Spider Mites are not insects but minute arachnid relatives of spiders that live on the underside of rose foliage. The first sign of spider mites will be a lightening of the lowest foliage as the mites suck the sap from the leaves and other tender parts and can eventually defoliate the plant. You may also see many little webs (webbing) and eggs on the underside of the leaves. You can check for spider mites with a sheet of white paper. Shake damaged leaves over the paper in the sun. If tiny, rusty dots start to move, you have spider mites.
Controlling spider mites with chemicals can be used, but there are two alternative methods. The first choice is to select rose cultivars that have good spider mite resistance. Second, you can use a water wand with a rose-head attachment (like a showerhead) to wash off the underside of the rose foliage every one or two days until there is no problem. It works, so be sure to try it for at least a couple of weeks before selecting spider mite chemicals, which are the third option. There are several miticides available, some more effective than others. Miticides that do not kill the spider mite eggs must be sprayed at frequent intervals for three weeks to eliminate the mature and hatching mites. Eggs will hatch in two to three days at 75 degrees and above. Insecticidal soap and insecticidal oils also work for the control of spider mites. Remove the affected foliage before spraying and direct the spray material to the underside of the foliage.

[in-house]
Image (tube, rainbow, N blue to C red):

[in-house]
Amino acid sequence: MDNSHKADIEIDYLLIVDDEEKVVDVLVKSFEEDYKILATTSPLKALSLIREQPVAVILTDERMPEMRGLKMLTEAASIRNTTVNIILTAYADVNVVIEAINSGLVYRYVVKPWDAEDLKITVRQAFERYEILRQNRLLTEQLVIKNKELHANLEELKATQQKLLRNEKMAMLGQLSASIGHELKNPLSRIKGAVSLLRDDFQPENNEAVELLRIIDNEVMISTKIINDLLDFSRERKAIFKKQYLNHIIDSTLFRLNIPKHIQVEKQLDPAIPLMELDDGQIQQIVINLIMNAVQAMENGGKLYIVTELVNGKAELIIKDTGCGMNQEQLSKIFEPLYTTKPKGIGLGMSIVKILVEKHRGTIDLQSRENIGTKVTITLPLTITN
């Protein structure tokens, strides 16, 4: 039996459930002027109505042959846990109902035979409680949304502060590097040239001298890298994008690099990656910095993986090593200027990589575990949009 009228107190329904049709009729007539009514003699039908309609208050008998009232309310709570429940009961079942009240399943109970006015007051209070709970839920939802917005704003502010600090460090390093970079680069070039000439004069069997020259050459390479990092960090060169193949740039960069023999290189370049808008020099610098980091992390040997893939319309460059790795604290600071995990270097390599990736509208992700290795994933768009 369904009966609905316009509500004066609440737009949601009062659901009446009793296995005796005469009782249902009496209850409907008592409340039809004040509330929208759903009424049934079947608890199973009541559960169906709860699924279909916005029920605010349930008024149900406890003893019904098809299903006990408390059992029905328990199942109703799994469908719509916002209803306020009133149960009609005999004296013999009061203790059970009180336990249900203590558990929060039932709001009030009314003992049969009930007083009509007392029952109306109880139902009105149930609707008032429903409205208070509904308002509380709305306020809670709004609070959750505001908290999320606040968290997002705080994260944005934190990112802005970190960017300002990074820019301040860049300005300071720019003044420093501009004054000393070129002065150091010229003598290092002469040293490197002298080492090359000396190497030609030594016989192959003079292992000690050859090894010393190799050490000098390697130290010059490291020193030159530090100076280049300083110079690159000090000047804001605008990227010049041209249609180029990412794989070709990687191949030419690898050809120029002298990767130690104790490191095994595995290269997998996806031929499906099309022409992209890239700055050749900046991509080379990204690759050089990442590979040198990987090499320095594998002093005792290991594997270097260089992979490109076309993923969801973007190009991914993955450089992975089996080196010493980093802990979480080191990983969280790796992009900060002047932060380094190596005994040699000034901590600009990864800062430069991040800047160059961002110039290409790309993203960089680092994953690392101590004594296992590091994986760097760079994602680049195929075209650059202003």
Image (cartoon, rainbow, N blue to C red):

Mites can become resistant to a chemical, and it may be necessary to change miticides from time totime. Spraying before winter protection is advisable as mites winter over in sheltered spots in the garden. Because insecticides used for other rose pests also kill the natural enemies of spider mites, diminish the use of broad-spectrum insecticides and only spray insecticides when necessary.
Utah Rose Society